ZFIN ID: ZDB-PUB-210123-29
Anterior lateral plate mesoderm gives rise to multiple tissues and requires tbx5a function in left-right asymmetry, migration dynamics, and cell specification of late-addition cardiac cells
Mao, L.M.F., Boyle Anderson, E.A.T., Ho, R.K.
Date: 2021
Source: Developmental Biology   472: 52-66 (Journal)
Registered Authors: Ho, Robert K.
Keywords: Cardiac development, Fate map, Lateral plate mesoderm, Left-right asymmetry, Zebrafish, tbx5a
MeSH Terms:
  • Animals
  • Animals, Genetically Modified
  • Body Patterning/genetics*
  • Branchial Region/metabolism
  • Cell Differentiation/genetics*
  • Cell Movement/genetics*
  • Embryo, Nonmammalian/metabolism
  • Gene Expression Regulation, Developmental
  • Gene Knockdown Techniques
  • Mesoderm/metabolism*
  • Myocytes, Cardiac/metabolism*
  • Organogenesis/genetics
  • Signal Transduction/genetics
  • Transcription Factors/deficiency*
  • Transcription Factors/genetics*
  • Zebrafish/embryology
  • Zebrafish/genetics*
  • Zebrafish/metabolism*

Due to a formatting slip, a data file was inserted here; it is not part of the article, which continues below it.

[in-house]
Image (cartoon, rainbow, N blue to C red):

• Zebrafish Proteins/deficiency*
  • Zebrafish Proteins/genetics*
PubMed: 33482174 Full text @ Dev. Biol.
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ABSTRACT
In this study, we elucidate a single cell resolution fate map in the zebrafish in a sub-section of the anterior Lateral Plate Mesoderm (aLPM) at 18 hpf. Our results show that this tissue is not organized into segregated regions but gives rise to intermingled pericardial sac, peritoneum, pharyngeal arch and cardiac precursors. We further report upon asymmetrical contributions of lateral aLPM-derived heart precursors-specifically that twice as many heart precursors arise from the right side versus the left side of the embryo. Cell tracking analyses and large-scale cell labeling of the lateral aLPM corroborate these differences and show that the observed asymmetries are dependent upon Tbx5a expression. Previously, it was shown that cardiac looping was affected in Tbx5a knock-down and knock-out zebrafish (Garrity et al., 2002; Parrie et al., 2013); our present data also implicate tbx5a function in cell specification, establishment and maintenance of cardiac left-right asymmetry.
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